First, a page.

We have to get there by modernising the way we take decisions. I am proposing Regionalization where Parliament and Council take leading decisions on long term plans and framework technical measures with basic rules. Then the fishing industry should work hand in hand with the national administrations to set more detailed rules on mesh sizes, area closures etc. The RACs should also be involved here.
I want to empower the fishing industry so that they can bring in their know how and I want to give them the proper support to market their products and enhance their negotiating position towards the rest of the supply chain. You will see this when the Commission adopts the new European Maritime and Fisheries Fund on 30 November. So this is the reform in a nutshell.
Let me now explain more in detail how I want to deliver this sustainability with MSY and the discard ban. These two instruments are an absolute must if we want to be successful.
First MSY: I mentioned that we need to move to MSY 2015. I have on several occasions stressed that we signed up to it in Johannesburg in 2002. But let's leave our international obligation aside for a moment. Some speakers today will tell you that it cannot be done. Well, let's sit back then for a moment and look together at concrete examples where Member States and fishermen have already delivered in the direction of MSY. I am talking about Eastern Baltic cod, I am talking about anchovy in the Bay of Biscay, North Sea Herring and Northern hake. These are just four examples. In all these fisheries fishermen have gone through difficult times with reduced quotas or even a complete closure.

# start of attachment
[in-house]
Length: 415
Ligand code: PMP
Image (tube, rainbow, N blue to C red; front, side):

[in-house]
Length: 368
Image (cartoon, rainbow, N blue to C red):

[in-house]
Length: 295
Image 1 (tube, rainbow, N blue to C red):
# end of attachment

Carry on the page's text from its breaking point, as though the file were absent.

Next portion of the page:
But after a few years the harsh times were over, because quotas were increased and so did the fishermen's income. Since July this year fishermen in France and Spain are catching anchovy again. Since 2010 fishermen in the Baltic Sea are able to fish much more eastern cod and I am proposing a further increase for 2012.
So you see that working towards MSY can be done and we have done it in a number of fisheries. This ladies and gentlemen is the way to increase fishermen's income in a sustainable way. This is the way to keep jobs in the fishing industry and this is the way to keep jobs in the ports and in processing.